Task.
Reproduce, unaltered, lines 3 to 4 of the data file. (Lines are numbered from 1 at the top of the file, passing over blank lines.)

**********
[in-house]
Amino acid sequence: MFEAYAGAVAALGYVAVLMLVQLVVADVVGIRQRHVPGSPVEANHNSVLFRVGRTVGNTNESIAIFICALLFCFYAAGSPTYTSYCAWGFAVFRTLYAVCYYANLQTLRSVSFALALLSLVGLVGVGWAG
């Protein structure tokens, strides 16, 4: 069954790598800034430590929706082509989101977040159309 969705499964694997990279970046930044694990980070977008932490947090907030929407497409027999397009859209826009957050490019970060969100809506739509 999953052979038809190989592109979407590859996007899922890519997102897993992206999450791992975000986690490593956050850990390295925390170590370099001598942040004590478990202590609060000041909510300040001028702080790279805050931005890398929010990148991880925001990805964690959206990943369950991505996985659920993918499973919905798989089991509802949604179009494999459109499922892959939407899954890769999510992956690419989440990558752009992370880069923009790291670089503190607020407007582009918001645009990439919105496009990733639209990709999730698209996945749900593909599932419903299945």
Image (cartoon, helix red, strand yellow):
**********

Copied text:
């Protein structure tokens, strides 16, 4: 069954790598800034430590929706082509989101977040159309 969705499964694997990279970046930044694990980070977008932490947090907030929407497409027999397009859209826009957050490019970060969100809506739509 999953052979038809190989592109979407590859996007899922890519997102897993992206999450791992975000986690490593956050850990390295925390170590370099001598942040004590478990202590609060000041909510300040001028702080790279805050931005890398929010990148991880925001990805964690959206990943369950991505996985659920993918499973919905798989089991509802949604179009494999459109499922892959939407899954890769999510992956690419989440990558752009992370880069923009790291670089503190607020407007582009918001645009990439919105496009990733639209990709999730698209996945749900593909599932419903299945």
Image (cartoon, helix red, strand yellow):